Box to Box’s storytelling formula even resonates with viewers who are not fully invested in sports, which is largely due to the production company’s unprecedented access. Box to Box didn’t have to negotiate or haggle over access with the Association of Tennis Professionals or the Women’s Tennis Association when making Break Point, nor with the Professional Golfers’ Association of America for Full Swing, even though these associations have traditionally been very guarded. Similarly to Drive to Survive with Formula 1, Break Point and Full Swing were created to give viewers behind-the-scenes looks into the professional ranks of golf and tennis. “Drive to Survive has become a great calling card for us,” Martin says. “It gets us in the door, but that’s when the hard work starts, and you have to very quickly make people believe in what you’re trying to do and you have to make them want to be part of that journey. Otherwise, there’s no point.” 

The filmmakers had worked hard to win the trust of the racers they were chronicling in the first season of Drive to Survive, and they developed open relationships with the golfers and tennis players that appeared in their more recent documentaries — onscreen, stars such as Rory McIlroy and Nick Kyrgios are unguarded in a way you rarely see from athletes in solo sports. It’s not easy getting millionaire athletes, who are pulled in various directions throughout their respective seasons, to sit and open up in a way that makes viewers understand that they too are just humans. 

“Until you’re around the athletes, you don’t really understand what it’s all about,” Gay-Rees said. “Not just filming them, but also observing their world. After that, you understand what it’s about, what the pecking order is, what they’re worried about, what their hopes and dreams are, and what the regulations are. Obviously, Paul and I do that together but in the beginning, we just drop in and observe. You get a sense of things quite quickly.” 

A tennis player sits on a bench in a film studio, waiting to be interviewed. She's surrounded by a production team, cameras, and other film equipment.

With both being so emotionally invested in sports, it can be difficult for Martin and Gay-Rees to maintain professionalism when something monumental happens. During the making of Drive to Survive’s second season, Martin found himself especially moved by Pierre Gasly’s experiences. The documentarians had chronicled Gasly’s struggles on Red Bull’s team earlier in the season — having lost his seat on that team, Gasly returned to the track to race for Red Bull’s sister team, Scuderia Toro Rosso, only to have his childhood friend Anthoine Hubert lose his life in a Formula 2 crash the weekend of that comeback. Remarkably, he made a surprise podium finish.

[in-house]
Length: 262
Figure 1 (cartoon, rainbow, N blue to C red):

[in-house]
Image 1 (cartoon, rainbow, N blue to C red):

“Our whole team was literally running down the paddock with tears in our eyes,” Martin said. “When you spend time with these athletes, you know how much it means, and it inevitably means more to you. And I guess that’s what we’re trying to do with these shows. If I can make people feel how I felt in the moment, then that’s when it’s successful.” 

“We’re just a good team,” says Gay-Rees. “[Paul] is great at being on the ground and managing talent and player agents, and he’s brilliant at keeping people on point. I’m kind of slightly more behind the scenes with the edits or the [financing]. We have very complementary skill sets.”

Sports dominate their current focus, with the cycling series Tour de France: Unchained released in June and a series on the rugby Six Nations Championship in the works, but Martin and Gay-Rees are always looking for unique stories outside of that realm. The conversation of dream project is one Martin and Gay-Rees have often, and the subject of those talks usually ends up being one of the most polarizing and complex sports figures in recent memory.

“I think we’ve always felt that Mike Tyson would be that story,” Martin says of a Box to Box dream project. “Although it’s been told many times, it still feels like there’s a really great version of that story from birth to where Mike is now that we feel, with our filmmaking skillset, we would knock out of the park.”